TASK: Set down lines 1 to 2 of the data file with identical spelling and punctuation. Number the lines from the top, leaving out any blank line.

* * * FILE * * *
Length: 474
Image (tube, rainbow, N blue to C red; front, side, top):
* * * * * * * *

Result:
Length: 474
Image (tube, rainbow, N blue to C red; front, side, top):